Thomas Patrick Burke was professor of religion at Temple University for twenty-nine years, taking early retirement in 1996. Originally from Brisbane, Australia, his initial interests were in science, especially physics, and he still retains a lively amateur interest in that field. In the course of time, however, his concerns became more theological. He studied at the University of Munich during the 1960s, completing a doctorate in theology with a dissertation on the nineteenth-century German theologian, Matthias Scheeben, then taught in the School of Religion at the University of Iowa. In 1965 he became director of the John XXIII Institute at Saint Xavier College (now University), Chicago, where in 1966 he organized a historic conference of the principal theologians associated with the Second Vatican Council, introducing the novel conceptions of the Council, in a series of original papers, to the United States for the first time. During this time he edited and published the conference papers under the title The Word in History (Sheed & Ward, 1966). He also arranged for Prof. Michael Schmaus of the University of Munich during a year’s residence in Chicago to produce a new version of his multi-volume Dogmatic for the English-speaking world and edited and translated it into English (published by Sheed & Ward in six volumes beginning in 1967).
After a year spent doing research again in Munich, he joined Temple University in the fall of 1967. This led him to embark on the study of world religions, including field work in the Middle East and East Asia with summers in Iran, Hong Kong, Taiwan and Israel. In 1974 he published The Reluctant Vision (Fortress Press), an attempt to extend the field of the philosophy of religion, which till then was concerned with traditional Christian conceptions of God and the soul, to the study of world religions. This was followed by The Fragile Universe in 1979 (Macmillan), a study of the relationship between religions and cultures, based on his experiences in the field. It advances the thesis that religions embody their cultures of origin, so that an encounter between religions must be understood more broadly as an encounter of cultures: a thesis that has arguably some increased relevancy in the light of the current question concerning Islam and the West, and Samuel Huntingdon’s outstanding The Clash of Civilizations and the Remaking of the World Order, 1995, where related theses are argued.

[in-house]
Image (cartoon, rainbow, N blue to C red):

Around 1980, in consequence of researches in the philosophy of value, he began the study of economics. This eventually led him to conclude that the concept of the free market as developed by Adam Smith and more recent writers such as Milton Friedman has a sound basis in ethics, a view he elaborated in No Harm: Ethical Principles for a Free Market (Paragon House 1994). Returning to the field of religion, in 1996 he published a college-level textbook, The Major Religions (Blackwell), now used widely in the English-speaking world.
In 2002, in response to the events of 9/11, he conceived of establishing a research institute concerned with the encounter between Western civilization with its concept of the free society and the traditional Muslim world. This has become the Wynnewood Institute.
Since 2004 he has been occupied philosophically with the question of justice. In 2010 he completed a doctorate in philosophy at the University of Buckingham, UK, under Roger Scruton, with a thesis on justice. The resulting book was published by Continuum International in 2011 under the title The Concept of Justice: Is Social Justice Just? Prof. Burke is currently at work on a book tentatively titled Coercive and Peaceful Discrimination. His article “The Origins of Social Justice,” on the philosophy of Luigi Taparelli d’Azeglio, who coined the term social justice in the nineteenth century but with a very different definition from what it generally means today, was recently published in Modern Age (ISI Books).